Putrajaya’s commitment for religious moderation was also questioned, as several members criticised it for funding right-wing Muslim or Islamist groups.

Several of the attendees also lamented the lack of interest from Islamic organisations, including the Malaysian Religious Development Department (Jakim) to join interfaith discussions and dialogues.

The recommendations and points from today’s discussion will be presented during NUCC’s second meeting of February 15.

Malaysia is currently grappling with an intractable religious conflict between Muslims and Christians over “Allah”, the Arabic word for God, which culminated in two Molotov cocktails being thrown at a church in Penang on last month, just as how houses of worship were attacked in 2010 over the same issue.

The issue worsened after Selangor Islamic authorities said it would begin enforcing the state enactment that it insists bars non-Muslims from using “Allah”.

- See more at: http://www.themalaymailonline.com/malaysia/article/jamil-khir-kurup-urged-to-lead-efforts-to-calm-religious-tension#sthash.sNgEQ6ud.dpuf

 

Daily Inspiration: The Torah Teaches the Golden Rule

Posted on February 18th, 2014

This feature is coordinated by The Post-Standard and InterFaith Works of CNY.

World Interfaith Harmony Assembly: February 9, 3:00-5:00 p.m., Church of Jesus Christ of Latter-day Saints, 4889 Bear Road, Liverpool – Free event

The Talmud tells a story of Rabbi Hillel, who lived around the time of Jesus. A pagan came to him saying he would convert to Judaism if Hillel could teach him the whole of the Torah (Jewish Scripture) in the time he could stand on one foot. Rabbi Hillel replied, “What is hateful to yourself, do not do to your fellow man. That is the whole Torah; the rest is just commentary.” My dad always instilled in us this “Golden Rule.” He was a warm, loving man who always treated others with kindness and respect. As we share World Interfaith Harmony Week, I continue to be blessed by these words.

Daryl Files is Co-Chair of the World Interfaith Harmony Assembl,y and is the Volunteer and Donor Coordinator at InterFaith Works. She was raised in the Jewish Faith.

- See more at: http://www.syracuse.com/living/index.ssf/2014/02/daily_inspiration_the_torah_te.html

World Interfaith Harmony Week kicks off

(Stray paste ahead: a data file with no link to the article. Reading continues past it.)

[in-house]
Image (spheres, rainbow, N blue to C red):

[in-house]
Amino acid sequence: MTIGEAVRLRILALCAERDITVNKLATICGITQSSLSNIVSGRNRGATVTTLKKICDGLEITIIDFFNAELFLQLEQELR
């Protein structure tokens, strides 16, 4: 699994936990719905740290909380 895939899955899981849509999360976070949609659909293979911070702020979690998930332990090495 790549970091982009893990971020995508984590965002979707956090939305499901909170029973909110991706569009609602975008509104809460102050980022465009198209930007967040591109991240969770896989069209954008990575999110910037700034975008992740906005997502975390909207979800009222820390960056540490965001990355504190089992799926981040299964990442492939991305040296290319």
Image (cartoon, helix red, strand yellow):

Posted on February 18th, 2014

Amman, Feb 4 (Petra) – Prime Minister Abdullah Ensour on Tuesday led a ceremony to launch the World Interfaith Harmony Week organised by the Ministry of Awqaf and Religious Affairs at the King Abdullah I Mosque.

The World Interfaith Harmony Week was first proposed at the U.N. General Assembly on September 23, 2010 by His Majesty King Abdullah II. Less than a month later, on October 20, 2010, it was unanimously adopted by the U.N. and henceforth, the first week of February is to be observed as the World Interfaith Harmony Week.

In his opening remarks, Awqaf Minister Hayel Dawood noted that King Abdullah had launched three initiatives in six years. The first was the 2004 Amman Message, which was directed towards the Muslims to identify them with the rules of their faith and their relationship with others.

The second, Common Word, was announced in 2007 to urge the Muslims and others to come together and enhance common denominators. The third initiative was the 2010 World Interfaith Harmony Week.

Those initiatives, he said, were not only political messages, but expressions of the reality of Islam which accepts other faiths, and a reaffirmation of the Islamic values, but not a response to pressures of the actual situation.

Dawood said that in some countries and at certain times, houses of worship had become pulpits for hatred, killing and violence instead of platforms for promoting love, cooperation, kindness, piety and knowing the others, which required a review of their message and priorities.

For the ministry, he said, the royal initiatives had set an approach that “we commit (ourselves) to and follow in its steps as we deem them an advanced and civilized understanding of this religion.” For that reason, he added, “we urged preachers and imams to study them and promulgate those concepts among the people for being a true expression of our faith and the holy book.” He said that ever since the emergence of the Jordanian state, its people had been living in a climate of interfaith harmony, without seeing any religious or sectarian bigotry, “thanks to our Hashemite leadership that comes up with such initiatives.” The Director of the Jordanian Interfaith Coexistence Centre, Father Nabil Haddad, said the Hashemite leadership had launched leading initiatives to propagate moderation and create a positive atmosphere to help formulate faith-based ethical, human and social criteria to forge a relationship among adherents of various religions.

He said the state had been alarmed by incitements to religious hatred and manifestations of extremism that emerged in the region and the world over the past two decades.

//Petra//SS 
4/2/2014 – 07:27:43 PM

- See more at: http://www.petra.gov.jo/Public_News/Nws_NewsDetails.aspx?Site_Id=1&lang=2&NewsID=139009&CatID=13&Type=Home&GType=1

Interfaith dialogue in Iligan highlights World Interfaith Harmony Week

Posted on February 18th, 2014

ILIGAN CITY, Lanao del Norte, February 4 (PIA)— An interfaith dialogue through Church-Masjid visitations activity among people of various faiths highlights the observance of the World Interfaith Harmony Week here in Iligan City and Lanao del Norte.

A mosque or Masjid is a place of worship for followers of Islam. The mosque serves as a place where Muslims can come together for salat (prayer) as well as a center for information, education, and dispute settlement. The imam leads the congregation in prayer.